Report on Chapter 4 (Heat Treatment Of Steels)
Heat treatment is a metalwork process in which metals undergo heating and cooling only to obtain desirable properties for the metal. These properties include increasing hardness, strength, toughness and ductility. Different types of heating processes are used depending on the carbon content and also the desired application of the metal. The different processes include Annealing, Normalising, Hardening and Tempering. Finally, the product that results from the process will depend on the rate of cooling if the heating is done slow enough to reach structural equilibrium at the max temperature of the metal.
Normalising is firstly used to produce harder and stronger steel. Next they are also used to fine the grains and homogenise the structure of the material. Lastly they improve machinability greatly. Firstly the steel is heated gradually above its Upper Critical Temperature (UCT) which is roughly about 300 degree Celsius. It is then left in the furnace until it has reached uniform temperature throughout before it is withdraw from the furnace and cool in still air. Structural changes in normalising occurs heating above Lower Critical Temperature (LCT). The pearlite will change to fine‑grained austenite. On further heating, remaining primary ferrite will be absorbed by new austenite crystals. Then the change is complete at the UCT, and the final structure contains uniformly fine‑grained austenite. Lastly cooling the material in still air, the structure changes back to uniformly fine grained pearlite and ferrite.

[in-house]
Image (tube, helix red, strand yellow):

The heat treatment process of annealing has three principal processes namely Full Annealing, Spheroidisation Annealing and Stress Relief Annealing. Full Annealing process is used to produce softer and higher ductile steels where a coarse pearlitic microstructure is obtained. Spheroidisation Annealing is a process which is normally used on high carbon-steels...